The client wants to list every single product on the homepage, separated by two tabs: "currently on sale" and "for sale soon". How do I tell him that a homepage is a gateway to other content, and its not a display case for all content available on the site? The current direction he wants to take seems to be to make the homepage a single page e-commerce website.
What's wrong with a single page e-commerce website? How do you know it's not an appropriate solution for the task? Focus on basics first.
You have a conflict: you want it one way, they want it another. It's a wash until one of you comes up with the research to back up your position, right?
Wrong. They're paying you (I assume) so the burden of proof is yours.
Dig into their motivations. Find out what job they expect their homepage to do. You mentioned a "display case" metaphor. Is that your characterization, or their words?
You also mentioned 2 tabs, "currently on sale" and "for sale soon." Why do they want that, have you asked? Is the site new, or has it been around a while? If it's an established site, monkey with the information architecture at your peril. Nothing's worse than moving the front door on users. You have to balance continuity with customer expecting against your designer's urge to innovate.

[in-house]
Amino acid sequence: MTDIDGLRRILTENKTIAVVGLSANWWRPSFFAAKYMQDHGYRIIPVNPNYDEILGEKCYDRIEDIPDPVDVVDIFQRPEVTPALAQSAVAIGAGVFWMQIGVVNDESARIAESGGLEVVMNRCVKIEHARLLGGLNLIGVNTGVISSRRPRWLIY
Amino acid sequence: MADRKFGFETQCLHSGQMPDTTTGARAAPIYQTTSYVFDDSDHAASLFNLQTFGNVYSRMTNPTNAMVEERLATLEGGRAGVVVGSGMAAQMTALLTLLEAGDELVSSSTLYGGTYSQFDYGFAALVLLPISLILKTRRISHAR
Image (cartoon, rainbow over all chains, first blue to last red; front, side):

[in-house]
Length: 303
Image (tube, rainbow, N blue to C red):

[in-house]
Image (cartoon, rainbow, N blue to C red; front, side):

Think about your motives. What's your cause-and-effect hypothesis about your design? What makes it better? Does "better" have anything to do with their customers? Frame things in a way that you could put your assumptions to some kind of test.
And - at the end of the day, remember they sign the front of the check - you have to convince them, not the other way around.
As far as research is concerned - plenty of generous ideas already provided above. Start with your design theory as rationale, then maybe refer to some competitive examples. If you can't find anyone else doing what you're suggesting, good luck convincing your client to pay for the experiment.